In sentence two, 2011 should read 2001. Sorry.
To say that you do not care about this and to acknowledge that this is not a new problem are two different things. I'm as outraged about the PRISM leak as I am about the Verizon leak as I am about the Room 614A disclosure back in 2006, as I am about they way they implemented the wiretapping program under FISA since 2011. Due procces of law can not come from a secret court, nor any without transparent accountability.
It wasn't exceptable then and it is not now. No amount of security is worth the compromize of an enitre nations's privacy. We have a Constitution and a Bill of Rights for good reason. The Fourth and Fifth Amendments for exactly this reason.
I must say that no I don't care. The federal government has been doing this for a long time, in fact there is an excellent Nova program on the NSA and it says that they harvest texts and emails, listen in on the phone calls of Americans etc. But that isn't even the point, nor is the fact that it prevents attacks which it may do but probably not a lot, thought there hasn't been an attack like 9/11 since then. The point is that the tech companies do this and if were gonna complain about this we should complain to them first. Heck, when I had to fill in the boxes to leave a comment autofill did it for me. The four major carriers probably have a database of every call ever made, Apple and Google probably have a database of every text and email, so if they have it and it doesn't matter to us why should the government having it matter. And my final point is that the only reason it should matter if the government has this info is if you have something to hide. Otherwise why does it matter. Lets be honest people get all paranoid about 1984 and stuff, its not gonna happen. If we complain like crazy about this there will be no slippery slope. Any more freedoms taken away and people will get feed up with this and vote everyone out, have everything repealed end of discussion. There is no threat from this unless ur a terrorist and u sent a phone call saying ur a terrorist in which case expect a visit from the NSA. Otherwise for the normal Americans, its just the government being the government so just don't worry about it.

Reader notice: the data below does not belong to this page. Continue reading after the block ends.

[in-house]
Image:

I understand some of the reasons why the government would collect some of this data. I feel like there ARE definitely some potential threats that must be addressed. However, there are several hacking programs out there designed to hack into one's personal PC system at home. I am a novice in the IT field as of right now, however I am in the process of learning the ins and outs of the industry and I do know that this type of software exists. I do not know the details of how this software operates, but I do know that multiple algorithmic equations take place in order to hack passwords and other security devices that a network might have. In light of all of that, my concern is when a network, such as my own, gets hacked into by an "average" civilian citizen or what have you and used for purposes described by the government as "threats." Then I'm the one responsible for the illegal transmissions that are going on within my network when in all actuality, I had no part in the situation at all. That being said, I think the government should definitely have some kind of restrictions as to what, when, and how exactly they can monitor information such as this.